Making change work!

I moved to a new house but, I continued to walk home to my old one?

One may quickly question the sanity of this individual as it goes without saying that ‘if you always do what you’ve always done, you’ll always get what you’ve always got’, Henry Ford.

But, ‘how do you facilitate change in your organisation?’

When processes, product lines, strategies, company beliefs and values are changed, are the impact that these changes have on the workforce even considered? Will employees be required to work differently and how will this be supported?

Change has become a constant and managing it has become an expanding discipline. Yet, research states that ‘70% of change projects fail due to resistance to change’, Beer & Nohria.

How leaders facilitate behavioural change determines how employees embrace change, as well as the outcome for their organisation.

It’s natural for individuals to resist change. Oftentimes they don’t believe in their own ability to change; with doubts arising like ‘am I able to do this new job?; ‘will I shine in this new world, as I did before?’; and it seems easier to retain the status quo, than to rally behind transformational change.

My latest research focuses on changing behaviour in 3 months, with a success rate of over 70%, which balances the odds of your change programme failing.

By training and coaching individuals through change, it feels far less uncomfortable.

Are you letting your employees take the long route home? Or, are you ensuring that new behaviours clear the path to success?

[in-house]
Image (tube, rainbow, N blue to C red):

Let’s talk!

What would motivate you to change?

What would motivate you to change? Money, what other people think, or is it something else?

As a coach and someone who is interested in changing behaviour, I’m curious to know what inspires individuals to make a decision to behave differently.

Daniel Kahneman, a nobel prize winner and recognised psychologist, notable for his work on the psychology of judgment and decision-making, challenges the assumption of human rationality. In his book, ‘Thinking Fast and Slow’, he suggests that individuals are driven more strongly to avoid losses than to achieve gains; individuals are not only loss averse but are also motivated by the negative instead of the positive e.g. if an individual were to be offered a good sum of money to finish a project, they may not finish it, yet they may finish the project if their job is threatened. I’m not suggesting that managers use the stick instead of the carrot, going forward, but this is definitely food for thought.

The book goes on to discuss how individuals are nudged by ‘what other people think or do’. Many of us have stayed in hotel rooms which use a sign in the bathroom, requesting guests to ‘Save the planet and use your towel again.’ Kahneman’s research however shows that using the sign, ‘Join the 75% of our guests, who re-used their towel’, had a greater impact in re-usage than the average. 10% more, in fact! Small changes can have enormous impact.

Companies can change all that they want (processes, management, new ways of working, reorganisations, etc.) but it’s the individuals working in those companies, that need to embrace and implement change. Without the support of individuals, change doesn’t happen. So how are people motivated to change?

How are you motivated as an individual?

Or, how does your company guarantee successful change?

I welcome you to share your comments.

Further recommended reading:

  1. Nudge (improving decisions about health, wealth and happiness), Thaler & Sunstein
  2. The power of Habit (Why we do what we do and how to change), Charles Duhigg
  3. The Marshmallow Test (understanding self-control and how to master it), Walter Mischel
  4. Thinking Fast and Slow, Daniel Kahneman